Last week we broke down how the men’s USA Swimming Olympic Trials time standards have evolved over the last 20 years (catch up HERE). This week we will take a look at how the women’s standards have changed over that same period.
HERE IS THE RAW DATA AND SOME BASIC ANALYSIS, ORGANIZED BY EVENT LIST…
NOW HERE IT IS AGAIN, REORGANIZED BY PERCENTAGE CHANGE…
Top event being the one with the greatest change in the time standard over time, bottom of the list if the cuts that have remained more stable.
Worth considering: as we try to pull some general analysis from the trials cuts data, please consider the likelihood that this analysis will not illuminate the whole picture of performance evolution. In a future post, it might be interesting to analyze the results across the top percentage of performances AT trials.
To recap: in last week’s post we noted the clear relative stability in the freestyle distance events; those events have undergone the least significant change over over the last 20 year. We broke down a number of theories as to why this might be happening.
After considering some popular musings, we eventually theorized that the largest effect on the time standards was caused by two macro changes in the sport, 1) the rise and ubiquity of underwater dolphin kicking, and 2) the internet’s effect on how coaches can learn and apply high level technique more quickly than in the past. We will review our reasoning below, but first let’s compare the women and men.
Women v. Men
We did not find much statistically significant difference between the men’s and women’s cuts relative to events, however, on the whole, the women’s cuts have improved much more than the men. Let’s compare.
Why has this happened? Let’s take a Swing:
I regrettably don’t have a great idea what accounts for this trend and more testing would be necessary to nail down a reason but here are a few (perhaps ill fated) hypothesis:
Much like many theories related to this post, I was not able to find statistics on the number or percentage of women who lift weights. However, my hunch is that the percentage of women strength training has increased quite a bit over the last 20 years- perhaps this has an effect. Peruse the hashtag #womenwholift on instagram and you will find a whole community of women working to make strength training more accessible to women around the world.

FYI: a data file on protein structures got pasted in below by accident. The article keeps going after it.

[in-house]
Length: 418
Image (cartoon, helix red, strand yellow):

Women in Swimming
Traditionally there have been more women than men in American swimming. However, over the last 20 years the gap has closed quite a bit. Nevertheless, according to USA swimming data, the sport is still roughly 56% women. Perhaps the larger number of women in the sport can account for the difference, however the percentage of men in the sport has grown more than women over the same time frame (shrugs shoulders).
The number of college swimming program’s being cut thanks to budgetary circumstances is disheartening. Regrettably, I was not able to find clear statistics on the number of women’s programs cut v. the number of men’s program that were dismissed over the last 20 years: perhaps there is something to mine here for later discussion… I’ll keep working on it.
In terms of improvement by event a similar logic can be applied to the changes in the women’s time standards that we applied to the men’s last week:
Dolphin Kick Changes the Game
Three of the top four most changing cuts, were all events that would be deeply and directly affected by the rise in underwater dolphin kicking (100 Back, 100 Fly and 200 Back). From last week’s post… “Huge improvements in these events over the last 20 years appear to be easily explained by the pervasiveness of underwater dolphin kicking. Of course, other factors play a role in these race’s evolutions, but they all pale in comparison to a swimmer consistently pushing their walls out 15 meters.”
From a technique perspective, it is reasonable to make the argument that breaststroke has undergone the greatest changes over the last 20-30 years. We took a deep dive into this concept in a previous post (a note on breaststroke kick and lines). Modern sprint breaststrokers tend to swim with a higher tempo and more power, which is the primary reason for the drop in times here.
What did we miss? Let me know below!
Thanks for checking us out!